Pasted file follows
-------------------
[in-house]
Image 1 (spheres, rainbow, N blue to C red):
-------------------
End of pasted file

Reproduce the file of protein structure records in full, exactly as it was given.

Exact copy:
[in-house]
Image 1 (spheres, rainbow, N blue to C red):